telling your story

The Importance of Stories: Part 3 of Finding Community

October 8, 2014 by Kristin Meador
Day 8: For the month of October, I’ve joined over 1600 other writers in a 31 Day writing challenge. You can read more about it and see the participating blogs at  Here is the starting page for 31 Days of My Search for Balance: Body, Mind, and Soul. From there you can find all of my October posts. 

 Being in community with others helps bring balance to our lives. Sharing our stories helps us develop community.

I was just looking over my notes from the Storyline Conference I attended in San Diego last February. Donald Miller has been one of my favorite authors since I first read Blue Like Jazz: Nonreligious Thoughts on Christian Spirituality. But it was his book A Million Miles in a Thousand Years that really made an impact on my life. In the book he compares the making of a movie about his life to the story that we are writing in our own lives.

Are you living the story you want to live?

Is your story purposeful?

If not, what needs to change in your life to write a better story?

Here are some quotes that I wrote down (I think it was during Donald Miller’s opening talk).

Jesus is calling us into meaning. God didn’t create us to live in reaction (to the things happening around us) but to be co-creators of a meaningful life (with Him). God gave you a blank book. Together, are you writing a meaningful story?

And my favorite

What will the world miss if you don’t tell your beautiful story? 

As a hospice nurse, I see the value of stories every day. The stories I carry of the patients that I have cared for make me a better nurse. The story I lived with one ALS patient and his family will make me an even better nurse when caring for my next ALS patient. When I meet with a family whose loved one has just been told they have weeks to live, they have a need to share their story. When I meet with dying patients, life review and sharing their stories is some of the important work that people do at the end of life.

Sharing our stories as we build friendships is also important, but it should be a give and take. You share part of yours, I will share part of mine. And piece by piece, the picture on the puzzle becomes clear.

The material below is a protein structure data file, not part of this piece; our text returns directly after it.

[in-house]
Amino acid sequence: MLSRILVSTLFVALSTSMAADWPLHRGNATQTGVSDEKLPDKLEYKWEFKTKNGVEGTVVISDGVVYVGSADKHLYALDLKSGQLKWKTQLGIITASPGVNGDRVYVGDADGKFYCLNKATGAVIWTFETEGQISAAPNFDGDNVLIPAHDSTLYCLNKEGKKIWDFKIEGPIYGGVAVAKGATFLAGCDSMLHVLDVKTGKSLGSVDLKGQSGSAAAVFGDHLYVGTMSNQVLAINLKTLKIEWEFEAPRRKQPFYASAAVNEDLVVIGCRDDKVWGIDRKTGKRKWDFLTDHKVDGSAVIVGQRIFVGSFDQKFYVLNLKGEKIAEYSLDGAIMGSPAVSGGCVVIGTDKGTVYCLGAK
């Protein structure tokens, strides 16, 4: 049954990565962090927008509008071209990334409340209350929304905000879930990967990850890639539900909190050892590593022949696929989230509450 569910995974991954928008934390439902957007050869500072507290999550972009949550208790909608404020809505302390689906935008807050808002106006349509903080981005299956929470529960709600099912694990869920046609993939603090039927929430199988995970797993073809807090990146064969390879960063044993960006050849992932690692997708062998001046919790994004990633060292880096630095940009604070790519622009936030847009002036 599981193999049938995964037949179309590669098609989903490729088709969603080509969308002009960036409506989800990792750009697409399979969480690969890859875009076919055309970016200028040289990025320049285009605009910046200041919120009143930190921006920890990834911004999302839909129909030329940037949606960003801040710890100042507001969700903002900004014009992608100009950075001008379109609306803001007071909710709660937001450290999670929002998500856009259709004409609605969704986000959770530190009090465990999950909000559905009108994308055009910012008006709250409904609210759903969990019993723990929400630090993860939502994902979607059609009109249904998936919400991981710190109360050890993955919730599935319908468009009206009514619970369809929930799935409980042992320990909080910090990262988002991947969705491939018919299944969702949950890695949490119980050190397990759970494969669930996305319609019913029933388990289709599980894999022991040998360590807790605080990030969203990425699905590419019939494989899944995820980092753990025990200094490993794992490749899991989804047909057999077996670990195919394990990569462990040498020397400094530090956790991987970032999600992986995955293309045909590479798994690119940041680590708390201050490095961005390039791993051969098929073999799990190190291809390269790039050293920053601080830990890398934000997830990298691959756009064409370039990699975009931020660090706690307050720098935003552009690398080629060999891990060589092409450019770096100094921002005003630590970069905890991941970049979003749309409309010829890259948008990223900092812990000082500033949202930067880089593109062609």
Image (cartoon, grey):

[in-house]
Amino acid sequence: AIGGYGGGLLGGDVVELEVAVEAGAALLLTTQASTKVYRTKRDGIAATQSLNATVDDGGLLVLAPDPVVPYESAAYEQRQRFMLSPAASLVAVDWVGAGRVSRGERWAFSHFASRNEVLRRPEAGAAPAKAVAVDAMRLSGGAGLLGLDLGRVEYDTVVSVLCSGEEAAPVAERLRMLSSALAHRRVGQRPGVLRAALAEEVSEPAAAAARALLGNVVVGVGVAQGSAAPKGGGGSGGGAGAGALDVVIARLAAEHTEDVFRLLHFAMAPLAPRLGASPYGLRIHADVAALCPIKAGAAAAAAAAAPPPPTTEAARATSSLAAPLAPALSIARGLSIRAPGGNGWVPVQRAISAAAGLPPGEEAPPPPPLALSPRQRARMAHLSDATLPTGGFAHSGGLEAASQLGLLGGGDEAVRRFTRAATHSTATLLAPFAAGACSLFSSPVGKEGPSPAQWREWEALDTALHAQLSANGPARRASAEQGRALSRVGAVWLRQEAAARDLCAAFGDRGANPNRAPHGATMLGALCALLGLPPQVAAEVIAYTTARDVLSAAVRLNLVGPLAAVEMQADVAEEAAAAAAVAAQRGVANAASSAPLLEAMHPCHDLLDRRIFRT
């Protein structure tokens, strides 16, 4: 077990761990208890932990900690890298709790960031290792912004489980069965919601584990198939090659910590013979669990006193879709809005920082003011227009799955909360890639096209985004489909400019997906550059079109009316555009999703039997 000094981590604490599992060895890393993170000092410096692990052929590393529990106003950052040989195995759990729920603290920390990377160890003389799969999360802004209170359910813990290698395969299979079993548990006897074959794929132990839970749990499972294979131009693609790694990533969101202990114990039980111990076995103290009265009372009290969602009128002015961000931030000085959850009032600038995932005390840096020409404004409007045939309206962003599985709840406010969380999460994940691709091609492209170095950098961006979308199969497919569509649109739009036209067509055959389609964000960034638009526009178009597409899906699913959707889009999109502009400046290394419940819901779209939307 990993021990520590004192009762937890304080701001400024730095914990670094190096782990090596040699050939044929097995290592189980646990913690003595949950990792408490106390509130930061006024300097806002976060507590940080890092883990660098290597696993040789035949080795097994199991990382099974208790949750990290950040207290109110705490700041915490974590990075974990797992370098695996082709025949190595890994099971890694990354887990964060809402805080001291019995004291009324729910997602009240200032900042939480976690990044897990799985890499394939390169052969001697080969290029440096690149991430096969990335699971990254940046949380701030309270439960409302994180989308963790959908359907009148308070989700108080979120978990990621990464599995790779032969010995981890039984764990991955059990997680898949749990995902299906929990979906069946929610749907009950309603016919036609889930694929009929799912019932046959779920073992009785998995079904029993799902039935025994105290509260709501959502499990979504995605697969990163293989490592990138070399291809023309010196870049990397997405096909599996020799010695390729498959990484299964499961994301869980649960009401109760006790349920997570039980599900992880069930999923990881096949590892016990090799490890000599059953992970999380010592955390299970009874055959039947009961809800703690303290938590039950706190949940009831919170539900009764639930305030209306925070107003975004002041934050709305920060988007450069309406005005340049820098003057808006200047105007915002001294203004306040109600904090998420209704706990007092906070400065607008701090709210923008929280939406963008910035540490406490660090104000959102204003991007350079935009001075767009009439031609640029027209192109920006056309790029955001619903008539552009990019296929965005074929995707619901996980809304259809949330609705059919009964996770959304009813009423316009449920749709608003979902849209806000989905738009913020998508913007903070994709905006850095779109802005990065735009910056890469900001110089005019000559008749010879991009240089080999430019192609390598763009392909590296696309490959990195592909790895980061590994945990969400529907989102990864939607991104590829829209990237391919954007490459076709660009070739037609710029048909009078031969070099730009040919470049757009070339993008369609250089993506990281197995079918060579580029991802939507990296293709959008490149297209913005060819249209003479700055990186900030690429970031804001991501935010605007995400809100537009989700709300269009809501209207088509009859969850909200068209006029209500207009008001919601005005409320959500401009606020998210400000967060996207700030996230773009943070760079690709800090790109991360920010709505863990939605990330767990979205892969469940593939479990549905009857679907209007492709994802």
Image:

And believe me, EVERYONE has a story.

Why it’s important to share your story:

Sharing your heart with someone, telling them your story, is how we get to know one another. Beyond just the “How are you doing today?” “Oh, fine, how are you?” To be brave enough to tell your story is to take off the mask and show where you came from, how you have grown, who you are now, and who you hope to be. That is the beginning of a reciprocal, heart-to-heart friendship.

Why it’s important to listen to another person’s story:

Of course there is the obvious, because that is how you get to know them. But it goes much deeper than that. When someone shares part of their story, they are giving you a little piece of themselves. If you are flippant or callous, or even if you just aren’t fully present, they may not share again with you. If we treat the gift of their story with an open heart, a present being, and hands of gentle grace no matter what they tell us, we build trust, which paves the way for friendship and deeper community.

Why EVERYONE’S story is important:

I have learned in the past few years that if I have an instant dislike for someone, or if they rub me the wrong way, one of the most important (and difficult) things to do is to take time to learn their story. In the past I would be more likely to just avoid difficult people, especially people who seem purposely cruel or who treat others poorly. But I found that as I took time to listen to them, to ask questions, to spend time with them, little by little, puzzle piece by puzzle piece, they would give me bits of their story. (Trust is very hard for difficult people). And as I started putting the puzzle of their story together, it helped me to love them more. As they shared ever so cautiously about the pain in their lives, it helped me to understand their anger, or their refusal to help others, or their habit of lashing out. From there, even if I don’t like their behavior or the way they treat others, I can try to understand where they are coming from.

Hearing the stories of difficult people helps me to give them the gift of grace.

So, what kind of story are you writing?

What do you need to change to write a better story?

With whom will you share a piece of your story this week?

Who’s story will you listen to this week?

Tell me your beautiful story